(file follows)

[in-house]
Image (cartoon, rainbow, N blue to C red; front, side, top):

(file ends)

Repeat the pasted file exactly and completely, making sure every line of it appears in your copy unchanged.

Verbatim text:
[in-house]
Image (cartoon, rainbow, N blue to C red; front, side, top):